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School plan: Goodbye to Hammond?

Marie Havenga • Jul 21, 2015 at 1:46 PM

Spring Lake Public Schools Superintendent Dennis Furton asked Village Council on Monday night about the possibility of vacating Hammond Street, which runs north and south between Grandview Avenue and South Street, just east of the intermediate and middle schools.

Although the plans are purely preliminary, Furton said vacating the short street would offer the district “greater flexibility” if community members and the school board should decide that what they're calling Option C — building new 65,000-square-foot Holmes and Jeffers elementary schools — is the route to take for future district needs.

By vacating Hammond Street, the Holmes campus could accommodate a traffic loop for cars off River Street and bus access off Grandview Avenue.

A new Holmes could be built just south of the existing elementary school that currently fronts River Street and faces north. A new building could face west toward South Street.

The district will host a third community input session tonight at Crockery Township Hall. The school board is expected to make a decision on a leading proposal next Monday.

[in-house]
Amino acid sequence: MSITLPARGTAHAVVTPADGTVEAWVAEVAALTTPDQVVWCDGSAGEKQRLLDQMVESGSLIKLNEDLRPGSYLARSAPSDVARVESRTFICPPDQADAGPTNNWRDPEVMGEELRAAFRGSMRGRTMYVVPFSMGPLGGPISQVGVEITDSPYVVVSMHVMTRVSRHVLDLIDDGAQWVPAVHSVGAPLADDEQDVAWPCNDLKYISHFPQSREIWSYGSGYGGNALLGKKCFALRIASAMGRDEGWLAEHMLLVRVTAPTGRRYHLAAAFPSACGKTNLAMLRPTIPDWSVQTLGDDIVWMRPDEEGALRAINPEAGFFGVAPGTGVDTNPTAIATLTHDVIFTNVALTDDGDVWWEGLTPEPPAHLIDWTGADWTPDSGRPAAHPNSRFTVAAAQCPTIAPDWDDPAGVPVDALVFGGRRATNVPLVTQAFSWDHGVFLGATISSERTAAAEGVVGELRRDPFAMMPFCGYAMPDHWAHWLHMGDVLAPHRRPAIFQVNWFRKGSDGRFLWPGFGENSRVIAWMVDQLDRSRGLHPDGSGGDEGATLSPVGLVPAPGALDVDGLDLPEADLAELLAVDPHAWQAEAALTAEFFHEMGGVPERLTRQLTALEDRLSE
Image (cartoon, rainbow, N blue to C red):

The other two options include expanding the elementary schools. Option A would add an additional 5,500 square feet and Option B another 30,000 square feet to each 50,000-square-foot building.

The costs are not known at this time, according to Furton.

The superintendent said that new buildings would provide the best long-term solution, with a life expectancy of 50 years, compared to 25 years for remodeling and adding on. Both Jeffers and Holmes are about 60 years old.

Furton noted that current elementary classrooms are 800 square feet. New school designs typically add another 150 square feet per room to accommodate larger children and larger class sizes.

“We do see an advantage to building new,” Furton said. “It’s a more expensive and more long-term option, but it clearly meets the needs of the district better. Right now, we’re seeing the trend toward Option C. But we’ll take the data and see which plan the community favors most strongly.”

Furton showed Village Council a sketch of what a site plan with a new Holmes could look like.

“This is very preliminary,” the superintendent cautioned. “We haven’t done a design plan. What this shows is how it could look.”

The drawing shows a new Holmes beginning in the existing playground and running south midway through the existing tennis courts. Furton said the district could build additional courts within the village to mitigate the loss.

Village Manager Chris Burns said the village would need to look at how much money it might lose in local street funds if the street is vacated.

To read more of this story, see today’s print or e-edition of the Grand Haven Tribune.

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